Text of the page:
Foot

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Human foot

For the unit of measurement, see foot_(unit)

A foot is an organ that is used for locomotion and takes a variety of forms depending on the animal.[1] Animal feet are comprised of five fingers or two parts called hooves.

The foot has essentially the same anatomical structure and the same bones in different mammals, but is positioned and used for locomotion in different ways.

Animals with the plantigrade stance, including bears, primates, and armadillos, walk on their entire foot; the whole foot is placed flat on the ground from heel to toe.

Animals with the digitigrade stance, including cats and dogs walk only on the digits of the limbs—corresponding to fingers in humans. The rear part of the foot is lifted off the ground.

Animals with the unguligrade stance, including horses, cattle, and deer, walk only on the tips of the digits. In the horse, the anatomical structure corresponding to the foot is very elongated. In a famous mistake, the lexicographer Samuel Johnson defined the word pastern as "the knee of the horse." The pastern does look like a knee and it in roughly the location where you might expect a knee, but it faces backwards. Animals with the unguligrade stance are fast runners, depending on speed to escape predators, and their legs are long and relatively fragile.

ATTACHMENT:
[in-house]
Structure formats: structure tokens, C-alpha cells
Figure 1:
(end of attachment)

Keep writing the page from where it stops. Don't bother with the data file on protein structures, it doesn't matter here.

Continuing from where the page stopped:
References

  1. Wile, Dr. Jay L. Exploring Creation With Biology. Apologia Educational Ministries, Inc. 1998
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